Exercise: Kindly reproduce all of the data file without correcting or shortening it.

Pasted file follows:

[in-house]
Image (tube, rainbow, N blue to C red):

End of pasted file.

[in-house]
Image (tube, rainbow, N blue to C red):